jaytea commented on a Page, funny wale script :D  -  Jan 15, 2012

elseif - is used to "speed" up the script... when using elseif

no, that is a side effect of using it in one particular way. "elseif (...) { ... }" is just another way of writing "else { if (...) { ... } }". understand how 'if' and 'else' work, and the behaviour of 'elseif' will become apparent.

And (!$2) = ($2 == $null)

again, no. if (!$2) = if ($2 == $null) || ($2 == 0) || ($2 == $false). sure, you may not expect $2 to equal $false or 0, but it is important to realize that there is a difference between the two.

i dont see much differents with my script but i think i will use it this way if everybody likes it in this way.


don't be pressured into using code that you don't want to. i can't say i blame you for not being altogether convinced, since very little appears to have been said about WHY an alternative approach might be useful for you in this case. the message you should take from these comments is not that using multiple text events for the same script is bad (since this is wrong), it's that using a single TEXT event here may, with a bit more work, result in code that is easier for you to read and maintain. i say 'a bit more work' since eliminating the TEXT events without any code factoring accomplishes nothing useful.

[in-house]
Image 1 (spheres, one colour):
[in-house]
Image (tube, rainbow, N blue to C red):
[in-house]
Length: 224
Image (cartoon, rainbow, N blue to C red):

there is a relevant quote on Wikipedia's article on the abstraction principle:

Each significant piece of functionality in a program should be implemented in just one place in the source code. Where similar functions are carried out by distinct pieces of code, it is generally beneficial to combine them into one by abstracting out the varying parts.

an example of one such piece of functionality is the action shared by all !wale (sic) requests: "inc %allc". understanding this principle takes time and putting it into action takes practice, but it's a good one to code by and will enable you to make some sound decisions.

Are you sure you want to unfollow this person?
Are you sure you want to delete this?
Click "Unsubscribe" to stop receiving notices pertaining to this post.
Click "Subscribe" to resume notices pertaining to this post.